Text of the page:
Instead of attempting to help every day, you may volunteer to stop by every other day or deliver a dinner twice a week. Involving other friends may aid in the formation of a larger support network.
Spending a lot of time with a loved one who is depressed may be emotionally draining. Know your boundaries when it comes to uncomfortable emotions, and make time to recharge.
If you need to notify a friend that you will be unavailable for a time, you may say something like, “I can’t talk until X time. Can I check in with you then?”
Discover depression on your own
Picture having to teach each individual in your life about a mental or physical health problem you’re dealing with – explaining it again and over. Doesn’t it seem exhausting?
You may chat to your friend about particular symptoms or how they’re feeling, but don’t expect them to tell you about depression in general.
Do your own research on the symptoms, causes, diagnostic criteria, and therapies.
While everyone experiences sadness differently, having a broad understanding of the symptoms and terminology may help you have more in-depth talks with your friend.
Offer to help with day-to-day duties
Day-to-day duties might be daunting for those suffering from depression. Laundry, food shopping, and bill paying may all build up, making it difficult to know where to begin.
Your friend will appreciate your offer of support, but they may not be able to express precisely what they need.
Instead of asking, “Let me know if there’s anything I can do,” consider saying, “What do you most need help with today?”
If you see their refrigerator is empty, say something like, “Can I take you grocery shopping, or pick up what you need if you write me a list?” or “Let’s go get some groceries and cook dinner together.”
If your friend is behind on dishes, laundry, or other housework, offer to come over, put on some music, and work on a particular job together. Simply having someone to talk to might make the task seem less burdensome.
Extend estranged invitations
People who are depressed may have difficulty reaching out to friends and creating or maintaining plans. However, cancelling plans might lead to feelings of guilt.
A trend of cancelled arrangements may result in fewer invites, increasing isolation. These emotions may amplify depression.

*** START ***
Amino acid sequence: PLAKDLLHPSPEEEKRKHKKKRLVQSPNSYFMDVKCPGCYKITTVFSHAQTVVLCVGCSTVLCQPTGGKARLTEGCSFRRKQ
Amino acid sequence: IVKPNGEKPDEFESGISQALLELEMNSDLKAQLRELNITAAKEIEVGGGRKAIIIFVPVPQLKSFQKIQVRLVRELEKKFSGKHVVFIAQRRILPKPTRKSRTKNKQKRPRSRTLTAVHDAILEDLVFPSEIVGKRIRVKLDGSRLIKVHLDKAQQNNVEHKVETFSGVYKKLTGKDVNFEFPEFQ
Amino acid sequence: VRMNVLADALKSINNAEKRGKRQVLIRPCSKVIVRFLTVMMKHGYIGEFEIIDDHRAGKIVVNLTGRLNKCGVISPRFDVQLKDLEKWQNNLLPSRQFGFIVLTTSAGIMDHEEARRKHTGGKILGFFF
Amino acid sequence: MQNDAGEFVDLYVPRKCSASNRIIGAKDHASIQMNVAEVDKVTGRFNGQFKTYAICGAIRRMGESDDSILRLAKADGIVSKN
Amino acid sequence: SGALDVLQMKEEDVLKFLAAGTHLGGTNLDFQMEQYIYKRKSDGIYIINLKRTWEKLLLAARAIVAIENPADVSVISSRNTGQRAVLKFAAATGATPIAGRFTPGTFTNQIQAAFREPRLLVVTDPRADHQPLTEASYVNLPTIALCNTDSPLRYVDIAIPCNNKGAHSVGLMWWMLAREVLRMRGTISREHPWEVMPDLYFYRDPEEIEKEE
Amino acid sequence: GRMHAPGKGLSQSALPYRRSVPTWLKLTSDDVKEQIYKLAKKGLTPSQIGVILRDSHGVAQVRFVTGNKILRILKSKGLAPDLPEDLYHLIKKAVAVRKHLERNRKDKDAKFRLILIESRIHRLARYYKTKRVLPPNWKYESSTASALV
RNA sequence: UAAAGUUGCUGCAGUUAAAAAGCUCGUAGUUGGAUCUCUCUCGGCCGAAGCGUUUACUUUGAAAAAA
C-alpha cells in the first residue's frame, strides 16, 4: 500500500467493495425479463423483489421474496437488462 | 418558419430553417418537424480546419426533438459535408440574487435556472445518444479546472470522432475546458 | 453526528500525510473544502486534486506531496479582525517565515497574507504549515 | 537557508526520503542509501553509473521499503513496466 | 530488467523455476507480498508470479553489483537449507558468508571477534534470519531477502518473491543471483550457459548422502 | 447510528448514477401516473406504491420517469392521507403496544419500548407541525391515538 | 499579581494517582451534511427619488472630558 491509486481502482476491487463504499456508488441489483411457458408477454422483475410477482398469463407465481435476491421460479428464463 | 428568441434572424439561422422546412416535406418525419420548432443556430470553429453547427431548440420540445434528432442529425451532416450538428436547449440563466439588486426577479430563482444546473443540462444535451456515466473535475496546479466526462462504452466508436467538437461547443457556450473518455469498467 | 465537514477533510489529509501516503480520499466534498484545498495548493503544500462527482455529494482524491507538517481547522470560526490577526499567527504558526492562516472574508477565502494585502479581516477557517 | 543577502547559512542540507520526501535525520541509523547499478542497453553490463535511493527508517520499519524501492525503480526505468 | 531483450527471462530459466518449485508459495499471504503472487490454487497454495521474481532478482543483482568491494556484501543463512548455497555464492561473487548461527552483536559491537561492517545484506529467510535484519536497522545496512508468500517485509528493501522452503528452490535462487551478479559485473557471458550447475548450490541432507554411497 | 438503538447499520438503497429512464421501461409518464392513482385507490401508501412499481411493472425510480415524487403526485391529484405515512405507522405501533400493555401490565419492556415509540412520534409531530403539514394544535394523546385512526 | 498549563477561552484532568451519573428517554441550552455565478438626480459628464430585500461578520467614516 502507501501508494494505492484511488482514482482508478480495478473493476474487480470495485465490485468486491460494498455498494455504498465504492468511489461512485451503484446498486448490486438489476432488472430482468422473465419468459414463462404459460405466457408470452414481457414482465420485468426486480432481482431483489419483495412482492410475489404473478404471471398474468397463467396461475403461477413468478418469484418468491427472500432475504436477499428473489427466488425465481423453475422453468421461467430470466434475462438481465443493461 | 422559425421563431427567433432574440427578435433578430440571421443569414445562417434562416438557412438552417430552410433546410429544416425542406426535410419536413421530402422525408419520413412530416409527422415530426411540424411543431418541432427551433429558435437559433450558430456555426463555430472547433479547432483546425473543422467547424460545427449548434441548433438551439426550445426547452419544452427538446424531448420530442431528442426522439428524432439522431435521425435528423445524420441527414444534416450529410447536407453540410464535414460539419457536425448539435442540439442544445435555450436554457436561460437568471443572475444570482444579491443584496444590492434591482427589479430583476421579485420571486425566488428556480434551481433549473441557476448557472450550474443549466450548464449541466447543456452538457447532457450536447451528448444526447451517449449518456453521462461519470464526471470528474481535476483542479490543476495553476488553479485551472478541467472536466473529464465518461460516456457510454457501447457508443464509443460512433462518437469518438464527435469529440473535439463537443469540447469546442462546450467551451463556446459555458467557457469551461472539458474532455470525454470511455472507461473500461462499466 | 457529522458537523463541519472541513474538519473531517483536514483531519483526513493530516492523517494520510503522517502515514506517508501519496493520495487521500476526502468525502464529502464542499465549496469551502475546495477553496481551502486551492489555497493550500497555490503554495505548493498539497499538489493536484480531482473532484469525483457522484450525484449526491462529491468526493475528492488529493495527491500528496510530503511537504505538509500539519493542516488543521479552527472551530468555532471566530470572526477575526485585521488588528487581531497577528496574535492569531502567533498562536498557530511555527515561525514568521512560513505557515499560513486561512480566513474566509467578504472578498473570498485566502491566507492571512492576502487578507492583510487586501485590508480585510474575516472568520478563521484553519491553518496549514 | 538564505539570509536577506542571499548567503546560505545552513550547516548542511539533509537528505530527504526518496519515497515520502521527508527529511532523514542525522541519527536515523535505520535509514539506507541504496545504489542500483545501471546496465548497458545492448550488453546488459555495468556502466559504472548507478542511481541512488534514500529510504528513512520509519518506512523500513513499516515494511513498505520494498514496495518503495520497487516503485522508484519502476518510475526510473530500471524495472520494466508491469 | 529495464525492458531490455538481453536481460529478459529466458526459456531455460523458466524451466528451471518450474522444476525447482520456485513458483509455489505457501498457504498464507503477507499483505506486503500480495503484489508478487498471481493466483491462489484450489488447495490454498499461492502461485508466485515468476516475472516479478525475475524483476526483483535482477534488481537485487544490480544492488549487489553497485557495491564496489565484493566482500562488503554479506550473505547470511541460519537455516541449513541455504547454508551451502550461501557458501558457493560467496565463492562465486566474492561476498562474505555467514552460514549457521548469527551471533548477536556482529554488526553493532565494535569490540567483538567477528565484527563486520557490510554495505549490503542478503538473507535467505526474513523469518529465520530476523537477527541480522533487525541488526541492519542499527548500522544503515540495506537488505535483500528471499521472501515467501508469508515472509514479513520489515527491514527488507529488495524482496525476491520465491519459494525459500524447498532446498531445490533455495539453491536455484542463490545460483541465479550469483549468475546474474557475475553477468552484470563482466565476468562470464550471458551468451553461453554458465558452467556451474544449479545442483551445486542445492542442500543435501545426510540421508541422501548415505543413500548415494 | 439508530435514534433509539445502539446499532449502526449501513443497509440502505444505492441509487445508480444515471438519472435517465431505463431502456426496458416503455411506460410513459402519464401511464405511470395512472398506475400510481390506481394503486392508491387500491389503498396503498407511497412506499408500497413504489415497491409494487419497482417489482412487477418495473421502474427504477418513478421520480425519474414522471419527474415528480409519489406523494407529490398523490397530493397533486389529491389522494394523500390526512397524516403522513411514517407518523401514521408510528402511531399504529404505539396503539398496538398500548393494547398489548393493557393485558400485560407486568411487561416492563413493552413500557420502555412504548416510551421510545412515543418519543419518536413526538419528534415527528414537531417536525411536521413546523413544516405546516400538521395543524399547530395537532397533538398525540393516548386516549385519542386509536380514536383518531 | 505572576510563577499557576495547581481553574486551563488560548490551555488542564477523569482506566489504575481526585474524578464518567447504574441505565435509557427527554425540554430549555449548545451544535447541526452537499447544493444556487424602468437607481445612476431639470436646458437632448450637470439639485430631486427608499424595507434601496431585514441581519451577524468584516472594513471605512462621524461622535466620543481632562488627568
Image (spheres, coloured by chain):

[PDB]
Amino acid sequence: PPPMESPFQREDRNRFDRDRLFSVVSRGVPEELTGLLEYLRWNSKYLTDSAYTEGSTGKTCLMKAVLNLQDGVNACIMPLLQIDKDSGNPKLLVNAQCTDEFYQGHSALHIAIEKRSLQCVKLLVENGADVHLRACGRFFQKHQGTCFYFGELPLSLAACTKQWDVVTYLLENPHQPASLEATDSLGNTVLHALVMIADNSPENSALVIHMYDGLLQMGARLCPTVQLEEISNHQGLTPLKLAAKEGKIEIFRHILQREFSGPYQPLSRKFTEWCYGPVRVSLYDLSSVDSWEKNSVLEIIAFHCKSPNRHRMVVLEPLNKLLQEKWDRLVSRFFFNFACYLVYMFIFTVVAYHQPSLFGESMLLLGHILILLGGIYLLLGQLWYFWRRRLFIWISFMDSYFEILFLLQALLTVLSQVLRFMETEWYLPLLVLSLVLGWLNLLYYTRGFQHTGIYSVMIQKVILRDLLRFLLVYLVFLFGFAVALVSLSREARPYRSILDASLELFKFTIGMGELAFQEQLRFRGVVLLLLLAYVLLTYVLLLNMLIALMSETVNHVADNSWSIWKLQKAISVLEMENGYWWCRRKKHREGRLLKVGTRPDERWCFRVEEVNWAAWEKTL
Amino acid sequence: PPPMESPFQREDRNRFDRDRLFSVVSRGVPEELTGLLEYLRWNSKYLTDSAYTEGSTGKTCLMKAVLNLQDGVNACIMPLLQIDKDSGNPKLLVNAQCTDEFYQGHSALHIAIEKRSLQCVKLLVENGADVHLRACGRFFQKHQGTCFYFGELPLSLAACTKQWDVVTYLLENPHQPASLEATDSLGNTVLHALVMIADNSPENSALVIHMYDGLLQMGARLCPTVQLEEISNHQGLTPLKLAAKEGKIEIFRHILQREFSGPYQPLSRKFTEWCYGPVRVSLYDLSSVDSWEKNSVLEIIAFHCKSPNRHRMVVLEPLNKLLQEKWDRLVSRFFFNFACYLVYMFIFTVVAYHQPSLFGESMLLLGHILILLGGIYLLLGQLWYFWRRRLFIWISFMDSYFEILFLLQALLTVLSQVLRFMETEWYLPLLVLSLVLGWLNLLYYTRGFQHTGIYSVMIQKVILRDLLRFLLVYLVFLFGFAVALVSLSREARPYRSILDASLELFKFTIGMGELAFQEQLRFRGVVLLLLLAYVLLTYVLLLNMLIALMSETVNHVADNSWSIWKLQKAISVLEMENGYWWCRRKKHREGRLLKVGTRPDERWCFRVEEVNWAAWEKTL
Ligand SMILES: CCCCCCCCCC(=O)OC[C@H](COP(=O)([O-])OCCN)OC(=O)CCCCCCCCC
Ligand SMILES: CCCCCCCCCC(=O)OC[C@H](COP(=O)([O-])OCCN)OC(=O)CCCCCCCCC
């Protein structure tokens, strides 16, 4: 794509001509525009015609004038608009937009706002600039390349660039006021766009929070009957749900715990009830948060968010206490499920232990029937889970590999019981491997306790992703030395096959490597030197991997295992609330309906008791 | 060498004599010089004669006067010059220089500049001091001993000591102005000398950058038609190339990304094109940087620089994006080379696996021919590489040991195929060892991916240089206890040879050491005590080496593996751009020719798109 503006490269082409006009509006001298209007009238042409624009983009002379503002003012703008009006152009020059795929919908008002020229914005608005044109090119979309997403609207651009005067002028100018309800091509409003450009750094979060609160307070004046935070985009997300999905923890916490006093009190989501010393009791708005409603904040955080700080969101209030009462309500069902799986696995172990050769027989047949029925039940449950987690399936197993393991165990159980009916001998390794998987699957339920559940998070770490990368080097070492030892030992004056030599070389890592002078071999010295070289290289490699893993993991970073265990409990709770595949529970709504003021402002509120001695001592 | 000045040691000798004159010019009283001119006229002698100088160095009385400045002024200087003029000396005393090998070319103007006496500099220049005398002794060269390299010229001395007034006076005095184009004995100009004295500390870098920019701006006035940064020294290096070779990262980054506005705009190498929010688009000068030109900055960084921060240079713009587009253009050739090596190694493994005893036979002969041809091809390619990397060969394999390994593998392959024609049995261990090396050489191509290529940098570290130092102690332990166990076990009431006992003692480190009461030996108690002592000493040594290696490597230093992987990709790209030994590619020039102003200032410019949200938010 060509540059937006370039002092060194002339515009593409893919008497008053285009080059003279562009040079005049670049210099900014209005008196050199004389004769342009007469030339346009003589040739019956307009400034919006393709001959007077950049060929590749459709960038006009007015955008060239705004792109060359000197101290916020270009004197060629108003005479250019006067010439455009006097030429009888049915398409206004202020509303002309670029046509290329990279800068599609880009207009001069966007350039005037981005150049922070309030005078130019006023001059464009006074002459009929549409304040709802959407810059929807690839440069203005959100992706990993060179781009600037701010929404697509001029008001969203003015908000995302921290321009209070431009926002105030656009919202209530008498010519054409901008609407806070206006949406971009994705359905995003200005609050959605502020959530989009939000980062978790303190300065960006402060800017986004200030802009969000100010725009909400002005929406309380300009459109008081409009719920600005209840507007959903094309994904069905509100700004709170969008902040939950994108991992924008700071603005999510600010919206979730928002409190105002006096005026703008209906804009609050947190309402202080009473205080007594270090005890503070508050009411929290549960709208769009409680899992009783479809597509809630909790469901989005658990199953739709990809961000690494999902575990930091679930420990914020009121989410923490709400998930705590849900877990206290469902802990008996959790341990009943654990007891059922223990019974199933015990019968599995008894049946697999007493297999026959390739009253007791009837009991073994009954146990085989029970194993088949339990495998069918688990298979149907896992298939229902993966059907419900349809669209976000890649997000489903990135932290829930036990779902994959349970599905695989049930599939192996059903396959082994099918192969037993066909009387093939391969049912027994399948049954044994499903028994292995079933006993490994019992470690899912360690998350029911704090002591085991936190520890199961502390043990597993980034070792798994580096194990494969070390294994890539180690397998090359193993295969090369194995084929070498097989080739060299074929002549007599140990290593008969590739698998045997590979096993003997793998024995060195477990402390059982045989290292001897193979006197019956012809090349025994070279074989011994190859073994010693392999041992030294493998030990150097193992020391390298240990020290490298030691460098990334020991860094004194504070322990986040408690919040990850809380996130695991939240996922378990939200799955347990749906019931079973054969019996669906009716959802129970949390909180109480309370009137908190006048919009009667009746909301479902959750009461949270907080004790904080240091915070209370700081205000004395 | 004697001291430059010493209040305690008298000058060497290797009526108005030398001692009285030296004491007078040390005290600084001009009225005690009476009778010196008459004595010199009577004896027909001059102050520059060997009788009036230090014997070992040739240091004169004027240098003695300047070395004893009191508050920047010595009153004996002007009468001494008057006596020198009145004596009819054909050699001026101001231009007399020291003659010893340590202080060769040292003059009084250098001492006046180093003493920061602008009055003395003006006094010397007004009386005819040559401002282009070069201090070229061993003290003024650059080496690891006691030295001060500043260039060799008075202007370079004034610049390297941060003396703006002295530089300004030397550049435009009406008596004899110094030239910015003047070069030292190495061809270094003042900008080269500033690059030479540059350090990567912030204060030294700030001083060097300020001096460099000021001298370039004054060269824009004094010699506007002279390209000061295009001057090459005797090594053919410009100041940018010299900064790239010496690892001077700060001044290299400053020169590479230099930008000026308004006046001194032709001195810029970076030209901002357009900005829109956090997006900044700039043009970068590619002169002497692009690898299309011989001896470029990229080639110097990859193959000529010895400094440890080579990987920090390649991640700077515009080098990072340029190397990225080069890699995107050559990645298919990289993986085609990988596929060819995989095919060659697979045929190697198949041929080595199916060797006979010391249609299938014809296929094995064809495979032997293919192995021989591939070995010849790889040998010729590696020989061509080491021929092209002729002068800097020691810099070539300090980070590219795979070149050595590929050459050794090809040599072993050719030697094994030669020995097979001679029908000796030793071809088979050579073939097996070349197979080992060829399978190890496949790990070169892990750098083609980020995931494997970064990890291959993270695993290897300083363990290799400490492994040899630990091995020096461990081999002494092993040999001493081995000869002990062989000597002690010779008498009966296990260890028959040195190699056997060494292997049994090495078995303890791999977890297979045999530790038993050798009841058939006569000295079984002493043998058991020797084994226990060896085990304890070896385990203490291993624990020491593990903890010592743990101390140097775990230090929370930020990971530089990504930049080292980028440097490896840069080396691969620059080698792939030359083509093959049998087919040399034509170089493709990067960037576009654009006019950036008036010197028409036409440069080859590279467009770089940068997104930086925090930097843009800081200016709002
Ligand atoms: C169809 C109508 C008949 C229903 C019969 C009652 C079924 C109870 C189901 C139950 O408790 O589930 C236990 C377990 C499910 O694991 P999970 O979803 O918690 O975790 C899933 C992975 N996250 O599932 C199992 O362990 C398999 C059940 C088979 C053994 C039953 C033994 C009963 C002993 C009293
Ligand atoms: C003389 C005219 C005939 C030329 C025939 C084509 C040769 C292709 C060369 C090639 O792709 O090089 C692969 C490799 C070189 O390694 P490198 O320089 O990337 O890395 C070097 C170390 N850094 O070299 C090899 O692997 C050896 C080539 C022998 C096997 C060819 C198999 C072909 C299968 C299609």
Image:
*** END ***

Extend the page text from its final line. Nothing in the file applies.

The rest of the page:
You may comfort your friend by continuing to offer invites to events even if you know they won’t accept. Tell them you understand if they can’t keep plans while they’re going through a hard patch and that there’s no need to hang out with them until they’re ready.
Just let them know you’re pleased to visit them anytime they want.
Depression normally improves with therapy, but it may be a lengthy and painstaking task including some trial and error. They may have to try many different counselling techniques or drugs before finding one that relieves their symptoms.
Even when medication is effective, depression does not always go away. Your buddy may still have symptoms from time to time.
Meanwhile, they’ll most likely have some good days and some terrible days. Avoid believing that a good day indicates they’re “cured," and try not to get discouraged if a string of poor days makes it seem as if your friend will never better.
There is no set timetable for healing from depression. Expecting your friend to revert to their old selves after a few weeks of treatment will not benefit either of you.
Keep in contact
Allowing your friend to know you still care about them while they battle through their depression might be helpful.
Even if you aren’t able to spend a lot of time with them on a daily basis, check in with a text, phone call, or brief visit on a regular basis. Even a brief text message stating “I’ve been thinking of you and I care about you” can help.
People suffering from depression may become more reclusive and avoid reaching out, so you may find yourself working more to keep the relationship going. However, being a good, supporting presence in your friend’s life may make all the difference, even if they can’t communicate it to you right now.
Be aware of the many forms of depression
Depression is often associated with sadness or a negative mood, but it also includes other, less well-known symptoms.
Many individuals, for example, are unaware that depression might include:
- anger and irritability
- confusion, difficulties with memory, or difficulty focusing
- excessive fatigue or sleep concerns
- physical symptoms such as stomach distress, frequent headaches, or back and other muscle pain
Your friend may appear to be in a bad mood or fatigued most of the time. Try to remember that what they’re experiencing is still part of depression, even if it doesn’t fall into the usual definitions of depression.
Even if you don’t know what to say to make them feel better, just expressing “I’m sorry you’re feeling this way. I’m here to help if there’s anything I can do” may help.
What To Avoid
Taking everything personally
It is not your fault, nor is it their fault, that your friend is depressed.
If they appear to lash out at you in anger or irritation, continually cancelling plans (or fail to follow up), or don’t want to do much of anything, try not to let it bother you.